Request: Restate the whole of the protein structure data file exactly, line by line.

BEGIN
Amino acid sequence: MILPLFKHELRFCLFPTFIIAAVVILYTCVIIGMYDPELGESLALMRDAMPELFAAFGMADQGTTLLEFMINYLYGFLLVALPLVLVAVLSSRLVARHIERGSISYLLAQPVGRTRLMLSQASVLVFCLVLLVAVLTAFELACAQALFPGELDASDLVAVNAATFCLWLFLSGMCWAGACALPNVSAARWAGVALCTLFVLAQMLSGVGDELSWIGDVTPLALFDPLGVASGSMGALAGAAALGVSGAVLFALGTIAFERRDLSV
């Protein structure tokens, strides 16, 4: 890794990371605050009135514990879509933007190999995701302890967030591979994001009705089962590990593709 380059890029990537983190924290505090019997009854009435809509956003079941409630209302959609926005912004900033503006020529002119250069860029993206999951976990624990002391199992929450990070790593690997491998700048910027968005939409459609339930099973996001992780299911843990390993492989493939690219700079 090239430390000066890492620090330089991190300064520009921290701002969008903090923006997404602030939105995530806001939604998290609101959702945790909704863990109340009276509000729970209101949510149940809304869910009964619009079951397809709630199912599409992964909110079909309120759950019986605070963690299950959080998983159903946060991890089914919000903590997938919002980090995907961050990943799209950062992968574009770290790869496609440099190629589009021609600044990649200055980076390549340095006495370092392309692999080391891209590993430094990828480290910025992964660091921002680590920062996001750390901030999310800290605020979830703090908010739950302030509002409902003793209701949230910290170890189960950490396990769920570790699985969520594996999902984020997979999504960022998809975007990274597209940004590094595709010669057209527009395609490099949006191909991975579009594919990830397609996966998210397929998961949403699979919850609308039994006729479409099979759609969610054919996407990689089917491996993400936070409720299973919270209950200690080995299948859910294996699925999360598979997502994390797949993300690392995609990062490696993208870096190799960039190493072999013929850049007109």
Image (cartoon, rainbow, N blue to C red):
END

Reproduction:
Amino acid sequence: MILPLFKHELRFCLFPTFIIAAVVILYTCVIIGMYDPELGESLALMRDAMPELFAAFGMADQGTTLLEFMINYLYGFLLVALPLVLVAVLSSRLVARHIERGSISYLLAQPVGRTRLMLSQASVLVFCLVLLVAVLTAFELACAQALFPGELDASDLVAVNAATFCLWLFLSGMCWAGACALPNVSAARWAGVALCTLFVLAQMLSGVGDELSWIGDVTPLALFDPLGVASGSMGALAGAAALGVSGAVLFALGTIAFERRDLSV
């Protein structure tokens, strides 16, 4: 890794990371605050009135514990879509933007190999995701302890967030591979994001009705089962590990593709 380059890029990537983190924290505090019997009854009435809509956003079941409630209302959609926005912004900033503006020529002119250069860029993206999951976990624990002391199992929450990070790593690997491998700048910027968005939409459609339930099973996001992780299911843990390993492989493939690219700079 090239430390000066890492620090330089991190300064520009921290701002969008903090923006997404602030939105995530806001939604998290609101959702945790909704863990109340009276509000729970209101949510149940809304869910009964619009079951397809709630199912599409992964909110079909309120759950019986605070963690299950959080998983159903946060991890089914919000903590997938919002980090995907961050990943799209950062992968574009770290790869496609440099190629589009021609600044990649200055980076390549340095006495370092392309692999080391891209590993430094990828480290910025992964660091921002680590920062996001750390901030999310800290605020979830703090908010739950302030509002409902003793209701949230910290170890189960950490396990769920570790699985969520594996999902984020997979999504960022998809975007990274597209940004590094595709010669057209527009395609490099949006191909991975579009594919990830397609996966998210397929998961949403699979919850609308039994006729479409099979759609969610054919996407990689089917491996993400936070409720299973919270209950200690080995299948859910294996699925999360598979997502994390797949993300690392995609990062490696993208870096190799960039190493072999013929850049007109």
Image (cartoon, rainbow, N blue to C red):